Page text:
Obviously, the Talmudic discussion and the dispute among the Tanna’im and Amora’im as to redemption and teshuva[18] is likewise interpreted by Rav Alkalai in reference to the Land. It is therefore easy to understand the opinion of R. Eliezer: “If the Jews do teshuva, they are redeemed.” In other words, if they [take the initiative and start to] return to the land, God will bring them back. If not, then they are not redeemed. All of the calculated times for redemption are real opportunities to encourage a return to the Land; if there is no response on the Jews’ part, then the moment passes and there is no redemption.
 
Tragically, we are also able to understand the opinion[19] maintaining that if the Jews do not engage in teshuva [i.e., do not return to the Land], then “the Holy One, blessed be He, gives them a king whose decrees are as harsh as those of Haman [who sought to destroy the Jewish People], and the Jews will do teshuva [i.e., they will flee from him, and will seek to return to the Land, prompted by the persecution and hatred] and they will return to the proper path [in the Land].”[20]
 
d.   Is there a set time for the redemption?
 
What remains for us to understand is the opinion maintaining that there is a set time by which the exile must come to an end, as in mourning: “Suffice it that the mourner completes his period of mourning.”[21] This opinion, too, can be understood in accordance with Rav Alkalai’s approach, and here we must invoke Kabbala. Although Rav Alkalai is well-versed in Kabbala and in no way avoids Kabbalistic teachings, his approach to the concept of teshuva is built on linguistic analysis and biblical exegesis, as well as the teachings of the Prophets and of Chazal, so as to provide a firm foundation even without invoking Kabbala. However, he does refer to teachings of the Zohar and of the kabbalists, whether directly or indirectly, especially for the purposes of addressing a question that disturbs any revolutionary thinker (especially one whose approach seems so simple and self-evident once he has stated it): how did no one propose this interpretation before? As Rav Alkalai himself puts it:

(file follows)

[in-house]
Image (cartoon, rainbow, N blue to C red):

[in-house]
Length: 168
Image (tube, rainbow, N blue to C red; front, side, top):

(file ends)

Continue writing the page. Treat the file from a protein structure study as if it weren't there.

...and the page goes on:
I have heard it said: If this matter [i.e., Rav Alkalai’s interpretation of the concept of teshuva] were true, it would have been stated [before now] by the great teachers of Israel, whether Rishonim or Acharonim! But… thus the Divine wisdom decreed it, that they would not contemplate this matter until the End of Days – i.e., the year 5600.[22] (Petach, p. 351)
 
In his work Shelom Yerushalayim, written in the year 5600 (the 600th year of the 6th millennium), Rav Alkalai writes:
 
Had Israel merited it, they would have been redeemed in the first sixty years of the sixth millennium – and likewise in each and every period of sixty years. But if they do not merit it, the end of the exile will be after six hundred years. (Shelom Yerushalayim, Kitvei Ha-Rav Alkalai I, 33)[23]